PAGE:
Hawaii extending quarantine through August

Hawaii Gov. David Ige (D) announced Monday that the state will extend its 14-day mandatory quarantine through August, delaying plans to allow travelers to enter after testing negative for COVID-19.

The Hawaii governor said during his press briefing that the pre-travel testing program would be postponed until Sept. 1, citing the “uncontrolled outbreaks and surges” on the U.S. mainland.

“We have always said that we will make decisions based on the health and safety of our community as the highest priority,” Ige said during the briefing.

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“As we speak right now, the outbreaks in the mainland are not in control, and we don’t believe that that situation will change significantly by Aug. 1 as we had hoped,” he added.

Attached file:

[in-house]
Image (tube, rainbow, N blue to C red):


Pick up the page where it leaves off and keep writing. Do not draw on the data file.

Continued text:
The pre-travel testing program unveiled in June is designed to permit out-of-state visitors to come to Hawaii and avoid the mandatory two-week quarantine if they supply a negative COVID-19 case within 72 hours of boarding. Tourists without this test would still be subject to the 14-day quarantine. 

The program intended to give a boost to businesses that have been struggling during the pandemic and with the quarantine pushing tourists away.

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“This was not an easy decision to make. It really was a choice between two difficult options,” Ige said, citing the balancing of the community’s health and economic needs. 

College students returning to the state for school are exempt from the quarantine, he said. 

Hawaii’s cases have been rising, although the number of cases are still a fraction of most state’s counts. Hawaii has counted 1,243 COVID-19 cases, with its highest single-day increase in cases on Saturday with 42 new cases. 

The U.S. is undergoing a surge in COVID-19 cases, particularly in states like Arizona, California, Florida and Texas. The country recorded its highest single-day increase in new on Friday with 68,241 cases.

Hawaii is not the only state to back down on reopening plans as California ordered all bars and several indoor activities to shut down statewide amid the surge.